If you work for Penn State and don't agree to step on a scale or have your waist measured, it could soon cost you $100 a month. The Pennsylvania State University is joining a growing list of employers penalizing workers who want company-sponsored health benefits but refuse to participate in health improvement programs.

University officials say they need to take dramatic steps to reduce health care costs, and getting their workers in shape is one way to do it.

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The Two-Way
8:38 am
Fri August 2, 2013

U.S. Unemployment Sinks To 7.4 Percent; 162,000 Jobs Added In July

America's unemployment rate sank to 7.4 percent in July, the Bureau of Labor Statistics says. A hiring sign is seen in a store window in Alexandria, Va.
Alex Wong Getty Images

Originally published on Fri August 2, 2013 11:11 am

America's unemployment rate sank to 7.4 percent in July, a drop of two-tenths of a percent, the Bureau of Labor Statistics says in its monthly summary of the U.S. economic situation. But employers added 162,000 jobs last month, coming in below economists' expectations.

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It's All Politics
8:13 am
Fri August 2, 2013

Could North Carolina Lead A 'Red-State Resurgence'?

Cozzie Watkins of Charlotte, N.C., holds a sign while joining a "Moral Monday" protest against recent actions of the North Carolina Legislature, in Raleigh last month.
Al Drago MCT /Landov

Pat McCrory hasn't fared too well with protesters.

The Republican governor of North Carolina has signed off on a vast array of conservative legislation this year, cutting taxes, slashing unemployment benefits and abolishing teacher tenure. So much change so fast has led to protests, including "Moral Monday" events staged at the capitol a dozen weeks in a row by the NAACP.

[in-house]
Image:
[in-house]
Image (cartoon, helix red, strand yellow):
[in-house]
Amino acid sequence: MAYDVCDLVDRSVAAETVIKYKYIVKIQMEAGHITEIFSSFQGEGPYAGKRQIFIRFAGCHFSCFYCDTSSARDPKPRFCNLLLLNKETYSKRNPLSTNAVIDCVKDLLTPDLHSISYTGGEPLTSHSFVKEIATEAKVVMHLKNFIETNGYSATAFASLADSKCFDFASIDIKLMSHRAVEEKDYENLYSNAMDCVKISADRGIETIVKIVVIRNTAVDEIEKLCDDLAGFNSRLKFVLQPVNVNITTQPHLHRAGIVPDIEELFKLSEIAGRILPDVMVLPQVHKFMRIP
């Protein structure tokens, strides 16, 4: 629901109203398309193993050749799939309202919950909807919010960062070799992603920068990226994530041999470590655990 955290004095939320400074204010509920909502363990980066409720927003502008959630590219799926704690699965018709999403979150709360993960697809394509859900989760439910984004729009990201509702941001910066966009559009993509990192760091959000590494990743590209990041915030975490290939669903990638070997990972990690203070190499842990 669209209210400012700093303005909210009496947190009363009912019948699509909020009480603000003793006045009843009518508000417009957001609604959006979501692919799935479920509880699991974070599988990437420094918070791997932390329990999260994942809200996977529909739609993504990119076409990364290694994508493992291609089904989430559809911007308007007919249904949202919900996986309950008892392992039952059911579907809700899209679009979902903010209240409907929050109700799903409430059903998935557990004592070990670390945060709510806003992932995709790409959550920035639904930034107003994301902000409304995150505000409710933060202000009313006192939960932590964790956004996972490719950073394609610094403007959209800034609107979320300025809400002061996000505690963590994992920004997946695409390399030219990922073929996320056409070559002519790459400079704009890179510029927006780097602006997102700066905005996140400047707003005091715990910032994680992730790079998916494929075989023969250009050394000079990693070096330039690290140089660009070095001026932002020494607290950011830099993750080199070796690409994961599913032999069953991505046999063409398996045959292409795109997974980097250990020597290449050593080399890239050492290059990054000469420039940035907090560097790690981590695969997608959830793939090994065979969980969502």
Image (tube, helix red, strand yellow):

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The Two-Way
8:04 am
Fri August 2, 2013

Snowden Has Job Offers, Place To Live, Russian Lawyer Says

Edward Snowden has chosen where to live in Russia, which granted him asylum Thursday, his lawyer said. Here, Snowden is seen at Moscow's Sheremetyevo airport on July 12. At left is WikiLeaks' Sarah Harrison.
Courtesy of Human Rights Watch

Originally published on Fri August 2, 2013 11:20 am

NSA leaker Edward Snowden, who spent more than a month at Moscow's Sheremetyevo Airport before being granted a one-year asylum Thursday, has picked out a place to live in Russia, his attorney there says.

Snowden is wanted on charges of espionage by the United States for leaking classified documents about secret U.S. surveillance programs. His departure from the Moscow airport ended, temporarily at least, weeks of uncertainty over his fate. He had applied to several other countries for asylum, as well.

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Europe
7:53 am
Fri August 2, 2013

Berlusconi Vows To Fight Back After Tax Conviction

The front pages of the main Italian newspapers in Rome on Friday after Italy's top court upheld a jail sentence against former Prime Minister Silvio Berlusconi for tax fraud.
Gabriel Bouys AFP/Getty Images

Originally published on Fri August 2, 2013 11:08 am

After some 20 trials over two decades, Italian media tycoon Silvio Berlusconi received his first definitive conviction Thursday for evading almost $10 million in taxes while he was prime minister.

After more than seven hours of deliberations, Judge Antonio Esposito read the ruling of the five Supreme Court judges: "In the name of the Italian people," the judge declared, "Berlusconi's conviction and prison term are irrevocable."